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Table 1 Laboratory Findings

Table 2 Susceptibility of Antibiotics to the Ralstonia mannitolilytica Isolate

Supplementary intensive inquiry of patient’s history after controlling for septic shock revealed that the patient had similar episodes of chills and fever three times during the two-year dialysis period before kidney transplantation. Because of the mild symptoms and fast relief after empirical treatment, the course of the infection did not attracted sufficient attention. The patient did not consider such mild events as important enough to mention to his doctor before transplantation. Considering the potential nosocomial infection, we tested 16 samples from the patient and his surroundings in the hospital, including central venous catheter, skin, drinking water and water cups, etc. Each sample was swabbed by pre-moistened sterile cotton swabs and inoculated into broth medium for incubation. But no R. mannitolilytica was found, indicating that it did not come from these sites. Based on these two points, we believe that R. mannitolilytica may be a chronic colonization state.

Discussion and Conclusions

The species of Ralstonia genus, in order from most to least common, were R. pickettii, R. mannitolilytica, R. solanacearum (Previously Burkholderia pickettii and B. solanacearum), R. insidiosa, and R. syzygii.11 There were some reports caused by R. mannitolilytica, such as cystic fibrosis with infection, pneumonia, bacteremia, dialysis tube infection and burn wound infection, etc.2,5,11 So far, in kidney transplant recipients (KTRs), there are only two reports about R. mannitolilytica infection from urine samples. They showed only mild symptoms of fever and were quickly cured with the application of sensitive antibiotics.9,10 But this is the first case of severe septic shock after kidney transplantation due to hematogenous infection of R. mannitolilytica, considered to be colonizer reactivation after transplant. The colonization may be related to long-term dialysis and the site of colonization may be his former tunneled hemodialysis catheter. Medical water is considered as a high risk factor for R. mannitolilytica infection, and there have been several reports of nosocomial infection outbreaks of R. mannitolilytica due to water contamination.12,13 We tested 16 samples in the surrounding environment of the patient and no R. mannitolilytica was detected, indicating that the bacteria did not come from our hospital and did not spread to the surroundings.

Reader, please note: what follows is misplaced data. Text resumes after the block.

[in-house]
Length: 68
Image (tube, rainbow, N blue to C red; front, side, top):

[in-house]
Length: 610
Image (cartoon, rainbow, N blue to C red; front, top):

R. mannitolilytica is an opportunistic pathogen. ICU inpatients and immunodeficiency patients are high-risk groups.1 This case was frail after transplantation, and the concurrent application of immunosuppressive agents led to the re-activation of R. mannitolilytica, which caused severe septic shock. So R. mannitolilytica can impell opportunistic infection in immune-compromised patients ensuing from asymptomatic or mildly symptomatic colonization to severely pathogenic forms. Although mNGS has played an important role in the diagnosis of infectious diseases in recent years, especially in rare pathogenic infections,14 it failed to effectively identify R. mannitolilytica this time. We checked the raw data of mNGS, and found that there were 33, 26 and 5 reads of R. mannitolilytica nucleic acid fragments in blood, urine and PSF samples, respectively. Due to the low number of reads, the bacterium did not attract the attention of examiners and was excluded from subsequent analysis. R. mannitolilytica was finally diagnosed by traditional blood culture, suggesting blood culture still plays a huge role in diagnosis infectious disease sometimes.